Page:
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“Bell masterfully combines his mystery story with an unflinching look at the 20th century’s bleakest tragedies. A beautiful . . . challengingly complex tale of the ramifications of history.” — Kirkus Reviews
“The question of conscience is a matter for the head of thestate”- Adolf Eichmann.
The discovery of a valise of old letters written to his Armenian grandfather from an Auschwitz survivor starts Avi Arutiyan on an odyssey to uncover the mystery surrounding his grandfather’s unsolved death.
From the killing fields of Anatolia to the trial of Adolf Eichmann, Avi’s quest opens a door into intersecting paths and dark secrets of three families, stretching back to 1915.
“Eleos offers no easy answers, no pat approaches. Perhaps this is the novel’s greatest challenge to its readers, as well as its finest attribute. D. R. Bell crafts a set of circumstances that involve the protagonist in a sifting of blame, historical examination, and family attitudes, drawing in readers with a scenario that at first seems relatively black and white; then immersing them in decisions and outcomes that are satisfyingly complex. … Holocausts can happen again, but as long as stories such as Eleos capture the progression of events with an eye to explaining how logic and action led to disaster, future generations at least have a road map to avoid the pitfalls that lead in these directions.”
— Diane Donovan, Donovan’s Literary Services; Editor, California Bookwatch
From the Author
This is not a “feel good” book. The original concept was that of a story of redemption: a German soldier saves a Jewish boy from the slaughter of the Holocaust. This thread is still present in the final version. There are many wonderful stories like that. We love the saviors, such as Oscar Schindler. We despise sadistic murderers like Amon Goeth.
But are we doing ourselves a disservice by viewing past events through these two poles of heroes vs. pathological evildoers? Are we protecting ourselves from the inconvenient truth that most of the perpetrators and enablers were not sadists or psychopaths? They were regular people like you and me. It’s perfectly human to not want to stare into the abyss. Yet the horror repeats time and again: Holocaust was preceded by the Armenian Genocide, and followed by the killing fields of Cambodia, Rwanda, and Bosnia. In the process of writing Eleos, I became obsessed with trying to understand why. Does our unwillingness to look beyond a simple conflict of good vs. evil contributes to this recurrence?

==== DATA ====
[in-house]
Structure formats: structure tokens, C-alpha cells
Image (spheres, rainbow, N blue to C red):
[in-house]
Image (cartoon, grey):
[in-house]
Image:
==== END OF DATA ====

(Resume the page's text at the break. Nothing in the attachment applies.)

Alas, a satisfying explanation is elusive. Hence the anxiety: more likely than not, it’s bound to happen again. We don’t know where or when. We don’t know which side we’ll be on: the victims, the executioners, the observers? The one thing – perhaps the only thing – that I have learned: it’s not enough to remember what happened, to know the numbers, the events, the places – we mustn’t close our eyes to how it happened. Like the painting of Dorian Gray, it’s the mirror that shows us what’s possible.
Eleos became a story of saviors and murderers, of bystanders and of those that don’t fall into an easy-to-classify category. The book doesn’t accentuate the positive: the only positive one can hope for is to never see such events again. We know some of the things that dwell in the heart of darkness: blind obedience to authority, our collective ability to forget, resentment of ‘the other,’ false patriotism. The worst atrocities were committed under the guise of doing good, in the name of ideology, religion, or national status. How do we immunize ourselves against this? Perhaps naively, I hoped that the book can serve as a reminder to protect our own humanity, because the ultimate battlefield is inside all of us: no authority can absolve us from personal responsibility.
While the characters of the story are fictional, most of the events described took place.
About the Author
D.R. Bell, I didn’t plan to write, I had kind of “fallen” into it. In a way, I feel fortunate to take up writing late in life: since I don’t depend on it for my livelihood, I’m free to write what I want. I don’t target mass audience; if you’re looking for a light read after a hard day at work, you have better options. I want to follow Milan Kundera, one of my favorite writers, in that a “novel is a meditation on existence.” I try to find something meaningful to say and I hope my stories speak to you. To all of you who read my books and left reviews – thank you for your wonderful feedback!
My latest work, Eleos, is a historic fiction set primarily during the time of the Eichmann’s trial. In a way, it’s a personal investigation into how events like the Holocaust and the Armenian Genocide become possible.
Marshland is a detective story set in modern Los Angeles, focused on the impact that internet and social media can have on our lives and their potential for unscrupulous abuse by those in power.
The first three books – The Metronome, The Great Game, and The Outer Circle – form a trilogy, where the lives of seemingly unconnected characters intersect against the backdrop of a turbulent power game between United States, China, and Russia. Unfortunately, some of the events described there are now happening in real life.